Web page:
Essentially, although the SKYACTIV technology is continually on and working hard behind the scenes, yet it stays with Mazda’s philosophy of putting the driver first and only makes its presence known if (or, in my case, when) the driver runs out of talent. Fully aware that both Mazda and the Tracktime team had our backs, it was time to put all the theory into action.
With time and the rising sun against us, we headed for the perfectly groomed upper tracks as early as possible, where an off the rack (aside from snow tyres) CX-5 was there waiting for us. After a quick explanation of how the snow tyres worked (with their cold weather compound rubber and sipe biting edges), it was straight into an uphill, hard lock, pull-away demonstration. In all honesty, it was a bit of an anticlimax, all we witnessed was the Soul Red CX-5 effortlessly take off in the snow – but I guess that was the point. All systems working perfectly, giving traction to all four wheels and next to zero slip – take that, physics!
Then it was time for us to get behind the wheel. First up, some ‘barrel racing’ duel time. A sprint down to a 180-degree turn point, then back to stop inside an imaginary garage – sounds easy enough, but in reality, it was taxing with Mazda’s electronics engaged (judging the braking point) and ‘wall breaking’ when not. It was great to experience the difference.
This exercise was followed by an on-snow slalom, where we were encouraged to perform a four‑wheel drift. Mazda’s active AWD worked overtime to keep us pointed in the right direction and yet gave us plenty of leeway to have an exciting and involving drive. At no point did the car escape me and the confidence that ensued gave me the impetus to push even harder – smiles came on thick and fast.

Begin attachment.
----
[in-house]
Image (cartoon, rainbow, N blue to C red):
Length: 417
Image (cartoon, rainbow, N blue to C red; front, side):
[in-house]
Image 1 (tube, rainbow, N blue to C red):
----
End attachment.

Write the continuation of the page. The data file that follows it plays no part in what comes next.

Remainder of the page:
With the top layer beginning to thaw, we quickly moved on to hoon time – unleash the MX-5 RF for some top-down fun. As stated earlier, there was very little need to do this part, but a very big want. We each got a couple of turns at racing down a slalom, wheel lock to wheel lock, power drifting around a cone (some even donutted) and repeat the fun on the return – excellent. The RF may be good on the road, but it’s even better when you take away most of its traction.
With the perfectly groomed surface churned up and starting to slush, we returned to the main lodge for lunch – the experience was over but the smiles still remained.
There are many ways to interpret ‘Hashiru Yorokobi’, but the two versions that Mazda likes are: ‘the exhilaration felt from being moved’ and ‘there’s joy to be had when you transcend your body’s limitations’. I like the latter, as my body has many limitations. Add this to Mazda’s Jinba Ittai, throw in some snow for good measure and you get a fun-filled experience that I hope they offer again and again. Mazda may come loaded with SKYACTIV technology, but after the SHPG experience, I will now continue to refer to it as SKI-ACTIV.